Character/World Exercise: Give Us a Tour

“So this is my place….”

I’ve done a decent amount with characterization exercises, and every now and then played with worldbuilding exercises, but sometimes you don’t want to do them separately; at times like that, it’s better to get the world, whether it’s your creation or just one you want to understand better, properly interwoven with the character. One way I’ve found to do that is to take one of your characters and let them give you a tour of the places they generally frequent, occupants and all. It doesn’t need to be long, but it can go for quite a while if you’re constantly coming up with ideas.

What’s it do for you?

There are several pretty self-explanatory benefits, to start with. For one, it’s voice practice for use of that particular character; good for if the voice is still hiccuping in places. For another, it’s a chance to look at the world from a resident’s eye view rather than a creator’s. And needless to say, it’s a chance to throw a bunch of things in front of the character and get a hopefully non-varnished opinion. But that’s not all!

The justification, on its own, can be amusing. Who’s this person talking to, and how are they getting across the sights? Is this a travelogue, personal narration for one’s new biographer, showing a visitor around, running around with a camera and talking about the pad? Is the character trying to prove or disprove rumors, create a new public image, get people to stop treating her like she’s a goddess incarnate? (“These are my pants. I put them on one leg at a time.”)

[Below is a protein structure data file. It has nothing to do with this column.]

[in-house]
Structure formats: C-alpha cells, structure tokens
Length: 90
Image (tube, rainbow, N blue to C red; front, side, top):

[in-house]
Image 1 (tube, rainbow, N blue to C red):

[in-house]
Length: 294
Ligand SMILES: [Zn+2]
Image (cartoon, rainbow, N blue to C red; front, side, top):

It gives you a sense of the character’s priorities. There’s a lot out there to keep track of, so nobody’s going to discuss every little space (all right, almost nobody, but if you get someone obsessively detail-oriented enough to cover everything in depth, that says a lot about the character right there). That means that some things are going to be skipped, and others not; some emphasized, some glossed over. What the character chooses to emphasize—or who, if you’ve got other characters involved—will say a lot.

It’s a chance to grow the world in somewhat more mundane directions. I find very few characters who really have a sense of their own places; they don’t have homes, their homes are far away, or they almost never exist under their own roofs. Or they’re too busy with world-changing plots and incidents to have routines to fall back on. Either way, if those features of normal life show up in the character’s situation, they’re often glossed over, to the point where there’s a stronger sense of orientation in a pocket in the world than there is in the character’s bedroom. (And yes, this is something I know myself to be guilty of.)

Don’t be discouraged if you don’t already know the world. Instead, consider the exercise a chance to poke around a bit and explore the limits of your own knowledge, or your character’s, and most particularly the places where they overlap.

In sum, if you’re looking for a better sense of how the character fits into the world, consider asking her for a tour. There’s plenty to learn, and not much reason not to try.


  1. UZ says:

    I have one character who is almost entirely characterised by how she prescribes medication…

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